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Transparency International, In Merkel Meeting, Urges Stronger G8 Anti-Corruption Commitment

14.05.2007

All G8 countries must ratify UN anti-corruption convention, says Labelle

In a meeting today of civil society representatives with German Chancellor Angela Merkel, Transparency International Chair Huguette Labelle urged the Group of Eight industrialised nations to adopt a stronger stance against corruption at its June summit in Heiligendamm, Germany.

“The German Presidency of the G8 has already shown that it understands the importance of good governance and anti-corruption,” Labelle continued. “But it cannot stop there. As president of the G8, Germany has a special responsibility to lead the G8 in ensuring that anti-corruption measures are central to the commitments of Heiligendamm and strongly reflected in the final communiqué.”

Corruption is a primary challenge to a strong and stable global economy. Reducing it is essential to increasing the material well-being and human development of the world’s most disadvantaged communities, as well as in fostering democracy, protecting biodiversity, and strengthening the global investment climate.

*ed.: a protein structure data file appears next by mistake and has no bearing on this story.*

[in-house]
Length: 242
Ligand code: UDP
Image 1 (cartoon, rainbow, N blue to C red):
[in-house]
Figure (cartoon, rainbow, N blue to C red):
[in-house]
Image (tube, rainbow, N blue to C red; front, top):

Following the meeting, Labelle called on Germany to promptly ratify the United Nations Convention against Corruption, the landmark global legal framework.

UNCAC establishes global benchmarks for regulation that are critical to stemming the supply side of corruption and assists some of the world’s poorest countries in recovering stolen assets. Ratification by all G8 nations will send a powerful signal that world leaders take the fight against corruption seriously. In addition, the G8 should support an effective and adequately funded monitoring mechanism for the Convention, with civil society as an integral component.

Germany is one of four G8 countries not to have ratified UNCAC. The others are Italy, Canada and Japan. It is important that all four countries ratify UNCAC as a matter of great urgency.

Media Contacts:

Jesse Garcia

Tel: +49-30-3438 20667 

jgarcia@transparency.org

http://www.transparency.org